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Warhammer 40,000: Dawn of War - Dark Crusade review

Excellent
AT A GLANCE
  • Thrilling multiplayer
  • Non-linear single player
  • Challenging new races
  • Limited battlefield view
  • Getting slaughtered in multi
  • Steep learning curve

Brace for impact: grandmaster developer Relic has fired another shot in the battle for strategy gaming supremacy - and this time they intend to redefine what "expansion pack" really means.

The war-scarred planet of Kronus is the home to this expansion, called Dark Crusade, the second add-on for Relic's Warhammer 40,000: Dawn of War. The most vile and powerful races in the universe have converged for a final showdown for domination of its technology and artifacts. There is no peace to be made here on Kronus - your Hero must lead your faction to complete victory - or face total annihilation.

The single player campaign progresses in turns between real-time skirmishes. The order in which your army sweeps across the 25 finely detailed battlegrounds is wide open and non-linear. Conquering some territories requires completion of a unique mission type, keeping the long campaign fresh. For example, you may have to lead your forces to victory with no reinforcements, or with a given amount of a certain resource.

Additionally, defeating one of the six faction's central strongholds requires a special effort, as each army is dug into their territory in such a way that suits their own tactics. You'll also need to defend your home base against frequent counterattacks. Losing your own stronghold means getting permanently pushed from the planet.

Veterans of the Dawn of War series will benefit by receiving a new unit or two to the five previously existing armies, but the Dark Crusade expansion focuses on two entirely new factions: the gunslinging Tau and the monstrous Necron. These two long-anticipated additions are favorites of the tabletop version of Warhammer 40K.

The first of the new armies, the Tau, are commonly known as "glass cannons" - sporting powerful rifles, and little armor, they depend on killing their enemies at a distance. The Tau are joined by two allied races called the Kroot and the Vespid. These two insectoid allies are the Tau's answer to close quarters fighting, and offer a sharp one-two combo for commanders of a balanced army.



Expensive and fragile, the Tau gunners require a great degree of tactical management - sending them headlong into close combat against burly opponents will leave you reeling. In fact, everyone is tough compared to the quick-but-flimsy Tau riflemen, and the finesse required while commanding these powerful shooters underscores the extremely divergent gameplay of each faction.

Given careful spotting, the Tau forces are capable of extremely long-distance attacks. Due to the close-in view of Dawn of War, this typically means that the Tau will frequently engage off-screen enemies. Taking the lid off of the claustrophobic battleground view would have been nice, although widescreen resolution support was welcome.

Compared to the high-tech Tau, the Necron offer a completely different approach to battle. Sluggish, but forgivingly sturdy, they automatically repair themselves on the run and may spontaneously bounce back up after being killed altogether. Furthermore, slain armies can be resurrected en masse by the Necron Lord. The Necron’s resurrection ability made for last-minute reversals of fortune on the battlefield that often left us awestruck.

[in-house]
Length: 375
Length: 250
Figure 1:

We’d frequently leave a squad of weakened Necron for dead, attend to other skirmishes and find later that they were still pounding away at our enemies.  Indeed the hearty Necron are like a steam train: slow to get going, but nearly unstoppable once they’ve achieved momentum on the battlefield.



The Necron are unique in the sense that they do not use the “Requisition” resource, and only capture strategic points to deprive it from their enemies. Each strategic point captured, however, serves as a building point for a Necron tower, which in turn speeds the time required to train units and perform research.

The Necron economy and research center on bringing their dormant main base to life - called the Monolith. This towering pyramid eventually becomes a mobile death wagon - a horrifying sight to see teleport onto your base's front lawn. A fully-upgraded Monolith spells doom for all who oppose its deadly might save those who have a ready reserve of heavy firepower.

Multiplayer fights take on a fresh component by loosing all seven factions in up to four versus four mashup sessions - blood-soaked cauldrons of death for the uninitiated, but always intensely fun.

The multiplayer browser is refined and trouble-free in this third iteration of DoW, and even includes an observation mode so you can watch and learn just how the best players crushed you during the previous battle. Latecomers to DoW should expect to be manhandled by veterans in multi, but with two new factions to learn, everyone should be on even footing, at least for a while.



Right now, developer Relic is the veritable schoolyard bully of strategy gaming - stealing lunch money and handing out wedgies to all challengers to its towering Dawn of War franchise and its recent strategy triumph, Company of Heroes.

A bully perhaps, but an incredibly generous one - Dark Crusade is standalone, and doesn't require the original Dawn of War to play. You may lead any one of the seven races in the thrilling single player campaign, and add the Tau and Necron to your lineup for multiplayer beat downs. Dark Crusade is an enormous amount of top-drawer content for $29.99, and newcomers may rightly mistake it for a full blown sequel. Highly recommended.

More Info

Release date: Oct 10 2006 - PC (US)
Available Platforms: PC
Genre: Strategy
Published by: THQ
Developed by: Relic
Franchise: Warhammer
ESRB Rating:
Mature

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